Real estate investment trusts (REITs) have metamorphosed the global real estate and the financial services industry. Simply put, a REIT is an investment vehicle that owns rent-yielding properties (RYP). Derived from mutual funds, REITs provide investors with a regular income-stream, investment diversification and long-term capital appreciation.
Not all REIT markets have enjoyed equal success, though. Singapore has created a vibrant REIT market, whereas Hong Kong has struggled. Why? Experientially, REIT regimes have shared an umbilical link with the tax framework in which they have operated. As an asset class, rental yields tend to be only marginally higher than the bank rate; plus, REITs are publicly traded with a diversified investor participation. Hence, as the Singapore experience indicates, for a
REIT regime to be successful, the tax framework needs to not only accommodate an efficient cash throughput to boost the frugal yields but also be simple enough for all participating investors to comprehend. This is a key reason why REITs in India (I-REITs) have remained stillborn; announced in the July 2014 budget, no I-REITs have yet been launched.
The tax framework generally supports a single-level tax on I-REIT income, which may be levied either at the I-REIT- or the investor-level. An exception to this rule is dividends distributed by companies which attracts dividend distribution tax (DDT), and this may be the single biggest villain in the I-REIT story. Allow us to explain. Regulations require an I-REIT to be constructed as a trust, which may hold the RYP either a) directly, b) through a company which owns the property (SPC), or c) through a limited liability partnership which owns the property (SP-LLP).
Setting up of an I-REIT is expected to be facilitated by a developer contributing RYP/SPC shares/LLP interest in exchange for REIT units. Once up, the I-REIT must distribute at least 90% of the net income from the RYP.
Contribution of SPC shares in exchange for REIT units is tax-exempt. For reasons unknown, however, a similar tax exemption does not apply for contribution of RYP or LLP interest. It is expected that I-REITs will be set up by developers contributing SPC shares, which will result in I-REITs holding RYPs via SPCs. Income distributions from SPCs will consequently need to be by way of dividends, which will suffer DDT of approximately 20%, in addition to the corporate income-tax payable by the SPCs. This DDT is an additional cost, diluting the cash throughput from the frugal rental yields.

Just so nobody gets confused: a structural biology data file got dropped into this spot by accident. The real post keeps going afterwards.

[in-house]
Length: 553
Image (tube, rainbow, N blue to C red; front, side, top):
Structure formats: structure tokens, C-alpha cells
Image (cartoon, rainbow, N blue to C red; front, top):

The government’s reticence in doing away DDT is driven by revenue-loss considerations; however, this is specious. As contemporary data on dividend yields evidences, presently, developers seldom declare dividends. If loss of future DDT revenues from I-REITs is the governments concern, this concern may not necessarily hold steam if one were to weigh the DDT foregone with the overall benefits to the economy. I-REITs could potentially result in an efficient reallocation of capital and risks, and release a virtuous economic cycle. Developers could create more assets with the I-REIT-infused liquidity, yielding greater employment and uplifting the general economic sentiment. Further, an inflation-hedged, low-risk alternative investment opportunity that I-REITs will create would attract a new class of investors and improve the overall depth of capital markets. The additional direct and indirect tax revenues that would be generated from the new assets, new employments, enhanced economic activity and capital market transactions should more than compensate for the DDT foregone. In short, maybe this is the opportune moment to revisit the levy of DDT on SPCs, which could potentially act as a powerful catalyst for I-REITs to be launched.
However, solely resolving the DDT conundrum may not be the elixir, as a few other irritants like holding period, cum-dividend purchases, treatment of certain interest and capital gains incomes continue. To clarify, holding period for I-REIT units, to qualify as long-term assets (and thereby be tax-exempt on sale) is pegged at 36 months, while the comparable time threshold for a tax-exempt sale of listed equity shares is 12 months. This ought to be harmonised to encourage investor participation in I-REITs. Any distributions by an I-REIT would be taxed in the hands of the unit-holder. This could lead to economic double taxation if the unit-holder has not held the unit for the full period in respect of which the distribution is made, and has purchased it on cum-dividend basis. A concessional tax rate applies where I-REIT distributes interest received from a SPC. This concession is not extended to distribution of interest received from a LLP. Property disposition by I-REIT would attract immediate tax, resulting in (i) lesser cash for replacement acquisitions, and (ii) lower net asset value for the I-REIT. Providing a roll-over benefit whereby tax is deferred on reinvestments would encourage I-REIT managers to optimise portfolios by churning RYPs in favour of relatively higher yield ones. Unmooring I-REITs from the trappings of an unwieldy tax framework is essential if India is to share the echelons of successful REIT regimes, and fully exploit the economic potential of this product. The forthcoming budget provides an opportunity for this; one hopes that the government makes the requisite amendments, helping I-REITs see a new dawn.
With inputs from Anand Laxmeshwar, director, and Jinesh Jobalia, BMR & Associates LLP
The author is partner, BMR & Associates LLP. Views are personal